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Public Smoking Ban Creates Market for New Tobacco Products

Lifestyles - Fri, 07/10/2015 - 1:14pm

(NewsUSA) - If you're a smoker these days, it's hard not feel a bit vilified. After all, rarely will you find a place that you can light up inside. Same goes for e-cigarette users, who are now also under the microscope and in many places are being banned from using as well. Even dipping tobacco and "chew" are not allowed in public places in San Francisco.

So, what's a smoker to do? If you happen to be Evan Grossman, you design a smokeless tobacco alternative that circumvents the ban in your favorite restaurant, library, movie theater or other public space, by creating the Pixotine Nicotine Toothpick (, a birch wood toothpick infused with a high-quality proprietary blend of organic pharmaceutical-grade nicotine extract that contains no other unnecessary additives or chemicals.

The way it works is this: Nicotine transmits its effects through contact with the skin and absorption through the mouth. When a Pixotine Nicotine Toothpick is placed in the mouth, the saliva aids in drawing out the nicotine, which then gets absorbed into the bloodstream through contact with cells. Chewing slightly on Pixotine enhances the speed at which the nicotine is released. With proper use, first effects can be felt within minutes, depending on the user.

According to its website, the concept is quite basic: people use Pixotine Nicotine Toothpicks just like they would use a normal toothpick to get that refreshing rush. At the office, on the subway or even at an anti-smoking rally, Pixotine is discreet, functional and virtually undetectable. It's merely an easy way to enjoy all the benefits and pleasure of a cigarette or tobacco product, without judgement or harsh carcinogens.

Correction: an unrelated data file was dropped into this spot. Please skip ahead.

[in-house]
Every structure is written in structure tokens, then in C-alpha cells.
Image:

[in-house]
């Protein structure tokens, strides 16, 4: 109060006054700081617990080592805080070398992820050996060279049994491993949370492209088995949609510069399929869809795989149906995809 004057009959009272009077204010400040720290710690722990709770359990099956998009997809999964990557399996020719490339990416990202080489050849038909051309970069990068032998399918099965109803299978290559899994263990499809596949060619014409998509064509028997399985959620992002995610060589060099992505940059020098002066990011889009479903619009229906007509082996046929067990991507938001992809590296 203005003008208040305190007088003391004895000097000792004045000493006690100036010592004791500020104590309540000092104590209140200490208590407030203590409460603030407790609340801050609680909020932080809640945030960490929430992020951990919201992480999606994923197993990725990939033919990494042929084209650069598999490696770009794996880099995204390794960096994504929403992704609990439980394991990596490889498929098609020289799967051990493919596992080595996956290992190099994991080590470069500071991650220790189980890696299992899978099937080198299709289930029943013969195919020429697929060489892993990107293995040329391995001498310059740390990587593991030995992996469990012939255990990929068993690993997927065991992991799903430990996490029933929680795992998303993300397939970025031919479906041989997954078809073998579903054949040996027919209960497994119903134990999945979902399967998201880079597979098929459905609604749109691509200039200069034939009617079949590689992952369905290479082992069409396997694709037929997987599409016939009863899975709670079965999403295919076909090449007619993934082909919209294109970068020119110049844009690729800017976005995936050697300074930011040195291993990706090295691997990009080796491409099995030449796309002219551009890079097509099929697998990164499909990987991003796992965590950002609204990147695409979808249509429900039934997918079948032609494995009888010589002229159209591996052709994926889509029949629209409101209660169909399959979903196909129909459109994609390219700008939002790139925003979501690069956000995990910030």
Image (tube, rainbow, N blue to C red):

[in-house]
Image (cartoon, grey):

For some, it's also a way to switch to a safer alternative entirely.

"After smoking and chewing tobacco for 15 years, I was looking for an alternative. I found this with Pixotine, and it even has saved me money as well. It's funny because now when I am around someone that smokes it stinks," said one user.

As an added convenience, Pixotine comes in a matchbook-size package that contains 15 toothpicks, making it discreet, and yet easy to use during those times that you can't smoke or use your e-cig.

Similarly, Pixotine can satisfy nicotine cravings without leaving the desk or walking out of a child's basketball game or when traveling on an especially long flight.

For more information, visit

MSU, Japanese university sign MOU

MSU News - Fri, 07/10/2015 - 1:10pm

Preseason Honors Continue To Pile Up For Jones And Redmond

Bulldog Beat - Fri, 07/10/2015 - 11:03am
STARKVILLE, Miss. – Preseason accolades continue to pile up for Mississippi State football's defensive duo of Chris Jones and Will Redmond.

How to Secure Income for Retirement

Lifestyles - Fri, 07/10/2015 - 9:53am
Five words or less

(NewsUSA) - Ten thousand Americans a day are turning 65, including a couple we'll call Stu and Helen. In excellent health, Stu and Helen could be facing a retirement of 30 years -- or even longer. One of their biggest fears about their impending retirement is their potential longevity -- and running out of money to not only pay their bills, but enjoy their free time.

Stu and Helen participated in their companies' 401(k) plans. Like many workers, neither has a traditional pension, so they are solely responsible for their own retirement security.

Fortunately, couples like Stu and Helen have options for creating a "personal pension." By using some of their savings to purchase an annuity, they can guarantee a steady stream of income for life.

With an immediate annuity, they can make a lump-sum payment to a life insurance company, and the company will send them their choice of monthly, quarterly or annual payments. They can choose to receive the income payments over a specified number of years or as a guaranteed stream of income they can never outlive.

They could also consider purchasing a deferred annuity, which allows savings to grow tax-deferred during an accumulation phase until they decide when payouts begin. People who are years away from retirement -- or who are retired but don't need income right away -- might choose this type of annuity.

With a deferred annuity they decide how their money grows during the accumulation phase. A fixed annuity earns interest at a guaranteed rate. An index annuity is tied to a market index like the S&P 500 stock price index. In a variable annuity, savings are placed in subaccounts that are invested in stocks and bonds.